Students must be familiar with AI to be future ready, experts say

How schools can equip students with conceptual knowledge about artificial intelligence (AI) was discussed by experts and education leaders during a May 24 webinar hosted by the California Department of Education.

AI literacy will be important in order to help young people contribute to an increasingly digital society; panelists said.

Through conversations with panelists, CDE Computer Science Coordinator Katherine Goyette connected AI with components of the state’s K-12 computer science standards like fostering an inclusive computing culture and creating computational artifacts as well as core concepts like algorithms and programming and impacts of computing.

While concerns about the use of AI by students and school systems have run rampant in recent months, “I think we don’t have a choice but to embrace it,” said Napa County Superintendent of Schools Barb Nemko. “Kids are using it, they have no problem, they’ve all adapted. All of the things we worry about, and there are many, we’ve worried about before.”

Nemko likened current fears to those that emerged when now commonplace technology was introduced, like when people worried that using calculators would hinder students from learning math or having the internet would mean they wouldn’t have to learn anything. Is pulling information for an assignment from ChatGPT cheating any more or less than getting it from an encyclopedia, she questioned.

“What we need to deal with are the ethics of the situation,” Nemko said, adding that students must learn how to use AI responsibly, knowing that the answers it provides may not always be factually accurate and how to use information it generates as a starting point, before they leave K-12.

Use of AI can benefit both teachers and students, she explained.

“ChatGPT can make our lives much more efficient, which frees up some of our time for the personal relationships … let us embrace it for the freedom that it will give us in time where we don’t have to do some of the more mundane tasks or spend so long on them and we can use our time to develop relationships with students, especially in this time when students are having so many mental health issues,” Nemko said.

Integrating AI

Sarah Watanabe, coordinator of the K12 strong workforce and STEM program at San Mateo COE, spoke about how AI can be used as a tool to drive equity for students and teachers. ChatGPT, for example, is good at writing differentiated lessons for educators and can potentially aid students, like those with ADHD, in putting their thoughts together in an organized manner.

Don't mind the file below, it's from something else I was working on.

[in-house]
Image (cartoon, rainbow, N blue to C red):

She also gave an example of how tools like Teachable Machine are an opportunity for students to use and learn about AI. In her makerspace classroom, children often got confused about if materials should be disposed of in the recycle, compost or trash bins. The class trained the Teachable Machine to identify what bins materials go in and could use it as a reference. Not only did they become familiar with AI, the class also solved a real-world problem and Watanabe looped in concepts like environmental sustainability.

Katie McNamara, a teacher librarian at Kern High School District, said that students should have an understanding of how algorithms work intentionally and quickly with users. Platforms like YouTube and Netflix can be studied. Media literacy and how to conduct research and spot biases is another skill they need.

To combat students from using ChatGPT to do their homework, McNamara suggested reframing essay prompts and so students need to put their own spin on information. She also thinks the rise of AI will lead to use of citations.

“I think that the same way that we moved away from rote memorization of math facts into a deeper understanding of how math works with the common core, things like ChatGPT are going to allow us to do that lift with English language arts as well,” Watanabe added. She envisions a move away from focusing on the mechanics of writing in favor of writing for a specific audience and measuring writing for its intended impact.

As ChatGPT isn’t Children’s Online Privacy Protection Rule (COPPA) compliant, McNamara said her district isn’t using it, although students are through personal devices. For that reason, they have to know how to use AI to be prepared for a changing job market if nothing else.

“As educators we need to empower our students,” said Shilpi Agarwal, founder and CEO of SataEthics4All. “Whatever can be automated will be automated but there will be new roles as these students graduate.” Emerging jobs Agarwal mentioned include data cleansing, data labeling and prompt editing.

Integrating AI into every subject, starting at a young age, can help lead to interest in STEM by a more diverse pool of students, according to Amy Eguchi, associate teaching professor, Department of Education Studies at University of California, San Diego.

CDE’s Goyette acknowledged that part of the conversation around ethics involves K-12 system’s duty to protect student data and said that board policies must be adhered to.

When AI is used for educational purposes, Shilpi said schools need to ensure they have explicit consent from families.

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